John Greene was working factory shifts at the Ford plant, and his wife at the time knew he didn't like it.

She didn't like the idea of him being a police officer, and coaching to stay involved in athletics hadn't panned out. But she did know some women whose husbands were firefighters. Greene, about 10 years removed from graduating with the William Chrisman High School class of 1976, asked what it took become one.

“They said, 'Just take a test,'” he said. “I passed it.

“I had no idea what I was getting into. But once I started, I got hooked.”

About a year later, he joined the Independence Fire Department. In 2014 he was promoted to succeed Sandra Schiess as fire chief, and now Monday marked his last day on the job before retirement.

Doug Short, deputy chief for three years after two years as a battalion chief, was tabbed last month as Greene's successor.

Greene, 59, announced his retirement in September and said he still enjoys the job and wasn't itching to leave, but he wants to spend some good retirement years with his family.

“It's time to spend time with the grandkids and let somebody else take over,” Greene said during his last week on the job. “This place won't miss a beat.”

The retiring chief had hoped to start with the department in 1986, but at the time the city hadn't finished building stations 9 and 10 yet, so he didn't start until July 1987. In 1998 and again in 2006 he was named the city's Harry S. Truman Firefighter of the Year.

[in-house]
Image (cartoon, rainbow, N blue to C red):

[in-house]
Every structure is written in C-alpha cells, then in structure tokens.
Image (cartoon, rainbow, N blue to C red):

Greene said the camaraderie of being in the fire department, a feeling that harkened back to his football and baseball days in high school, is what hooked him. It's one thing he also said he'll miss the most.

“My whole life was sports, and then getting here you get shipped off to a site, you get done and you're high-fiving,” he said. “You feel like, 'I've done this.' It's a like a giant locker room.

“You spend off days working side jobs with them, and your families spend time togethers.”

Many times, he said, families came to the station and celebrated Christmas with the firefighters on duty.

“It was one big family thing,” he said.

From his time as chief, Greene said his two biggest points of pride are helping to foster a good relationship between administrators and the International Association of Fire Fighters Local 781 union, and the two sides working together on the “Addressing Cancer in the Fire Service” initiative they finalized last year. Spurred in large part by Fire Captain Rick Winship's death from cancer in 2015, that agreement outlined cleaning measures for the firefighters to take to prevent cancer deaths caused by chemicals emitted during fires.

He pointed to recent joint ventures such as the “Stop, Drop and Shop” with children at Walmart and the new recruits and promotion ceremony held at the IAFF hall. In past years that latter scenario would've been unlikely at best.

“As administrators, we knew we needed to make that split disappear,” he said. “We're never going to always agree – no family always agrees – but we're all one department.

“It's our new motto: One department, one community, one city.”

If there's any regrets, it's that they didn't do more cancer prevention earlier to prevent a death like Winship. He also wishes the City Council had not voted to alter some building codes in hopes of encouraging redevelopment.

“I understand the economics of it,” he said, “but as a fire chief I don't ever like seeing codes cut. I made my case to them.”

Greene said he'll still be part of the committee planning next year's events for the 175th anniversary of the Independence Fire Department, and Chief Short knows he's only a phone call away if any advice is needed. But once the clock hit midnight Christmas Day, the work phone was turned off.

“I'm 59, almost 60, I've got 11 grandkids,” he said, “and it's time to watch them grow up.”